Tory former minister Jeremy Wright told Mr Johnson in the Commons the Government needed to be ‘more definitive’ on when curbs could be eased. 

A furious Sir Desmond Swayne blasted the restrictions, telling Mr Johnson: ‘Pubs can’t compete with supermarkets for off sales, even within a household you can’t play tennis or golf. 

‘Notwithstanding the assault on liberty and livelihoods, why are these regulations pervaded by a pettifogging malice?’ 

Mr Johnson replied: ‘Pettifogging, yes, malicious, no. I am going to have to take the hit here, the intention is to stop the virus, protect the NHS and to save lives.

‘To do that we have to engage in restricting transmission between human beings.’ 

Sir Graham Brady, the chairman of the influential 1922 Committee of Tory backbenchers, said ‘many’ MPs are concerned at being asked to approve a lockdown which could last until the end of March.

Speaking in the Commons he said: ‘I welcome the Prime Minister’s assurance that this House will be consulted on the lifting of restrictions, should it be possible before the end of March, but can I say to him that many of us are concerned at being asked to approve a lockdown which could continue until March 31.

‘Can I ask (Mr Johnson) to reconsider and to offer the House a vote at the end of January and at the end of February as well, not on whether to lift restrictions, but on whether to continue them or not?’

Mr Johnson replied: ‘I can’t believe it will be until the end of March that the House has to wait before having a new vote and a new discussion of the measures we have to take.’

Conservative former minister Sir Edward Leigh said many of his colleagues who will vote in favour of the rules ‘out of loyalty or because we want to preserve the Government’s authority’ are ‘worried’ about successive lockdowns being ‘less and less effective’. 

Jane Evans, a consultant in acute medicine, said she fears her staff will be 'scarred' by what they're going through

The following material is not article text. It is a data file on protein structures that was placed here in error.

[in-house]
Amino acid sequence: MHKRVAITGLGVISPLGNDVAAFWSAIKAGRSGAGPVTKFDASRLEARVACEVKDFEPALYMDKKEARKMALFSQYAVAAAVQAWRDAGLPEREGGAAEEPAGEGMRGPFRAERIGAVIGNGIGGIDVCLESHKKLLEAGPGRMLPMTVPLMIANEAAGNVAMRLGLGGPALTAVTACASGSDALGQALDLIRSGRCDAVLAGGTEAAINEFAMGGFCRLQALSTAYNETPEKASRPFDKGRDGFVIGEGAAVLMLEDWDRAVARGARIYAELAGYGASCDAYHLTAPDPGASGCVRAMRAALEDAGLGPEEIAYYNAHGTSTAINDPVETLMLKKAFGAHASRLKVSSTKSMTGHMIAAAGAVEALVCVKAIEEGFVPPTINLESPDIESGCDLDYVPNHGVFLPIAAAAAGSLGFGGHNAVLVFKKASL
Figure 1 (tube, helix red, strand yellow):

Jane Evans, a consultant in acute medicine, said she fears her staff will be 'scarred' by what they're going through

Jane Evans, a consultant in acute medicine, said she fears her staff will be ‘scarred’ by what they’re going through

Meanwhile, Mr Johnson is facing a Cabinet split over his decision to close schools across England. 

The Prime Minister initially sided with hawks led by Education Secretary Gavin Williamson who wanted classes to remain open.

But he switched to agree with doves including Health Secretary Matt Hancock and Michel Gove, the Cabinet Office Minister, after being presented with new data showing the scale of the problem facing the nation, the Financial Times reported.   

Mr Johnson’s statement to MPs came after the Government’s vaccines tsar today admitted that the NHS will need to be giving around three million vaccine doses a week by February to meet the PM’s target.    

Nadhim Zahawi said the goal of covering more than 13million of the most vulnerable within seven weeks was ‘very stretching’ – but can be delivered.

There is a growing clamour today for the vaccination process to be ramped up – with concerns that local chemists and other facilities are not being used enough. 

So far around 1.3 million people in the UK have been vaccinated with the Oxford/AstraZeneca or Pfizer/BioNTech jabs and Mr Zahawi said there will be a ‘massive acceleration’ in the coming days.

Challenged that the weekly figure would need to be more like three million than two million to hit the PM’s target, Mr Zahawi nodded and said: ‘You’re going to see that increase – the NHS have got a very clear plan.

‘We’ve got a fantastic team working, seven days a week, all hours to deliver this.

‘No doubt, it is a stretching target. But I think it’s one that we should absolutely look to deliver.’

Link hienalouca.com